Vision of an ‘Asian Monetary Fund’ Becomes Clearer as Regional Crisis Fund Gets Boost
Last year, Southeast Asian economies hailed the birth of a new Asia-Pacific trade bloc, the Regional Comprehensive Economic Partnership. Less noticed was the advancements made in regional financial cooperation after China softened its position.
“It feels like homework completed late,” Toshinori Doi, the director of ASEAN+3 Macroeconomic Research Office (AMRO), told Caixin in an interview.
The homework he’s referring to is an accord reached during an ASEAN+3 Financial Ministers’ Meeting last year to make changes to the multilateral currency swap agreement known as the Chiang Mai Initiative Multilateralization (CMIM).
The CMIM, which involves the 10 ASEAN member states plus China, Japan, and South Korea, was amended accordingly in March this year.
One of the key elements was a change to the amount each member may request from the crisis fund without an IMF-backed program in place, the so-called IMF delinked portion. That will now rise from 30% of the fund’s total $240 billion to 40%.
This means the region’s financial safety net is becoming more autonomous and inching closer to the “Asian Monetary Fund” concept promoted by Japan in the immediate aftermath of the 1997 Asian Financial Crisis.
In the wake of the 2008 Global Financial Crisis and the subsequent European sovereign debt crisis, the ASEAN 10+3 members proposed an independent regional economic monitoring body, which later became AMRO.
Singapore-based AMRO, which celebrates 10th anniversary this year, is a regional multilateral economic monitoring agency whose main responsibilities include writing economic reports and working on early detection of financial risks.
Over the past few years, China was reluctant to raise the delinked portion of the CMIM as it feared possible defaults after paying out to a troubled economy, which would reduce its own foreign reserves.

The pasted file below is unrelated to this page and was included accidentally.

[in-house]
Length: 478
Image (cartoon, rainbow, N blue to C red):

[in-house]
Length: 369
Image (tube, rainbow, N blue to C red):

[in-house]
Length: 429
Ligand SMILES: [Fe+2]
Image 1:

As to the reasons behind the shift in China’s attitude, Masahiro Kawai, professor emeritus at Tokyo University, explains that the country became wary of the idea after rapid capital outflow between 2015 and 2016 lead to the evaporation of foreign reserves worth $1 trillion. He believes that China’s recent turnaround reflects the easing of such financial constraints.
Doi, on the other hand, explains, “we agreed on (IMF-delinked portion of) 30% and there is no turning back. But if we increase it to 40%, the amount is beginning to get significantly big. This made some members reluctant to increase the portion further, wondering if AMRO’s surveillance capacity is secure enough.”
Doi, who tried to close the deal as a Japanese government financial official in 2017 when his country hosted an ASEAN+3 Financial Ministers’ Meeting, says it finally became a “package deal.”
Other than the IMF delinked portion hike, members gave the green light to the use of local currencies if both lenders and borrowers agree — apparently a point China was eager to achieve — and also reached a consensus on conditionality framework.
“There are no longer any practical obstacles to the launch of the [CMIM]”, Doi added.
Doi dismisses the common narrative that this sphere is riven by China-Japan rivalry. “There is no Japan-China issue in Asian financial cooperation, especially in the currency field,” he stressed.
Doi notes AMRO’s capacity is steadily expanding. In the coming years, he expects the number of its in-house economists to reach 120, on a par with its counterparts at the IMF.
Looking forward, Doi says he would like to turn AMRO into “the region’s primary infrastructure,” in which capital flow management and macroprudential policy measures can be encouraged, while bolstering regional voices in global discussions such as the recently debated international taxation rules.
Meanwhile, as a strong advocate for an “Asian Monetary Fund,” Kawai suggests AMRO formally become the permanent secretary of the CMIM so that the facility can become more proactive. He also calls for the Manila-based Asian Development Bank to cooperate with these facilities in times of financial crisis, similar to the European “troika,” consisting of the European Commission, the European Central Bank, and the IMF.
Doi has so far not detected any signs of a financial crisis in Southeast Asia, now a major hotspot for the Covid-19 pandemic, although he notes that these economies need to be careful in communicating with the markets well and carrying out gradual exits when they return their macroeconomic policies to normality as the pandemic eventually ends.
On Myanmar, a country in turmoil after the military coup in February, Doi admits it isn’t easy to obtain information, and the organization he heads will keep a close eye on the latest developments.
Contact reporter Chen Lixiong (email@example.com) and editor Joshua Dummer (firstname.lastname@example.org)
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